April 8, 2018.
  Jason Lee Van Dyke, a Texas lawyer who calls himself the Sgt. at Arms of the Proud Boys, is soon to get the registered trademark on the words "Proud Boys" under International Class 35, described on the application as "Association services, namely, organizing chapters of a fraternity and promoting the interests of the members thereof."  The application, filed August 9, 2017, was published for opposition on February 20, 2018. There is a 30 day opportunity to object.  The USPTO application page shows no oppositions, thus the mark is most likely going to be entered onto the principal register under the ownership of JLVD Holdings, LLC, of Crossroads, Texas.

From JLVD: This is false.  I am the Sergeant-at-Arms of the Dallas/Fort Worth chapter of the Proud Boys.  There is no Sergeant-at-Arms for the fraternity as a whole.

The Proud Boys is basically a group of white men that might be called KKK-Lite.  The Southern Poverty Law Center (SPLC) has labeled the Proud Boys a hate group, and you can read about that in detail at this LINK.  The last few paragraphs of the long SPLC write-up covers Mr. Van Dyke.

From JLVD: This is false.  The Proud Boys is a multi-racial organization with two criteria for membership:  (1)  The person must be biologically male; and (2) The person must believe that the West is the Best.  By this, the “West” refers to western culture generally while recognizing the contributions of a multitude of races to the West.  In fact, our bylaws explicitly prohibit membership by persons associated with white nationalism, white supremacy, or the alt-right.  This would naturally include the KKK. 

Note: Mr. Van Dyke has also applied for a trademark on "West is the Best." As of this date, that trademark application is on its Final Notice of rejection, based on technicality involving the specimen.

Jason Lee Van Dyke is notorious for several years ago posting shocking racist tweets on Twitter.  The tweets use the word "nigger," and show a photo of a noose, and make death threats.  Mr. Van Dyke says he was responding to harassment.  The tweets will not be shown here to avoid repeating that hate, but they can be easily found on the internet if anyone has a need to see them.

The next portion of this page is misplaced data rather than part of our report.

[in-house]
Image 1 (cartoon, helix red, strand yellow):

From JLVD: This is accurate except that I was not responding to harassment.  I was responding to an individual that had posted my social security number, and those of both my elderly parents, on Twitter while encouraging other users to rob us.  I have said repeatedly that I regret by choice of words, but I absolutely do not regret threatening that individual and I would do it again using different words. 

Tom Retzlaff, a notable pro se litigant from Arizona and Texas, filed a bar complaint against Jason Lee Van Dyke.   The Texas State Bar dismissed the complaint, and Mr. Retzlaff appealed that decision.  The appeal result found that complaint showed violations of several ethical rules and the matter was sent back to the State Bar for findings.

From JLVD: This is false.  The bar initially dismissed the complaint as an inquiry, which means that the complaint failed on its face to allege professional misconduct.  Mr. Retzlaff appealed to the Board of Disciplinary Appeals which found that, when considering the complaint and nothing else, it alleged a violation of the rules on its face.  The only effect of this ruling was to return he complaint to the State Bar for investigation.  The investigation is ongoing and no findings have been made one way or the other.

Meanwhile, Mr. Van Dyke had been offered and accepted a position with the Victoria County, Texas, Criminal District Attorney's Office on March 1, 2018, and the offer was rescinded on March 21, 2018.   Jason Lee Van Dyke believed that Mr. Retzlaff was behind the rescission of the offer. Jason Lee Van Dyke then sued Tom Retzlaff for defamation, asking for $10 million.  Mr. Retzlaff then filed with the court a settlement offer, demanding $75,000 from Mr. Van Dyke to settle the lawsuit, or stating he would take much more in an anti-SLAPP motion.  

From JLVD: This is false.  Mr. Retzlaff admitted in his bar complaint, dated December 20, 2017, that he was the person responsible for the rescission of the job offer.  This is how I obtained the legal basis to sue him over the rescission of that offer.  On or around March 27, 2018, he was also responsible for my termination from a different company due to his own postings online about the company.  He is being sued for that as well.  I didn’t sue him for $10 million: I sued for $100 million.  Mr. Retzlaff’s settlement offer has been received, and it has been rejected. 

An anti-SLAPP is a motion allowed in some states, including Texas, aimed to end a lawsuit quickly when it has been brought for the purpose of silencing speech on a public topic. SLAPP stands for "Strategic Lawsuit Against Public Participation." An anti-SLAPP motion that is won requires the Court to award sanctions to the defendant/ motion plaintiff.   In that settlement offer, Mr. Retzlaff goes into a full-fledged rant about the inappropriateness of someone who belongs to the Proud Boys and who makes racist posts on Twitter thinking he can work for a District Attorney's Office.  If you have always wanted to read a court filing that includes the word "shithead," you might want to look this one up. I'd post it here, but I do not want to get too far off-track from the topic of this trademark application.

So, that is the lowdown on who JLVD and the Proud Boys are -- now back to this trademark application.  Below, you can see the category of the goods or service is International Class 35, described as "Association services, namely, organizing chapters of a fraternity and promoting the interests of the members thereof."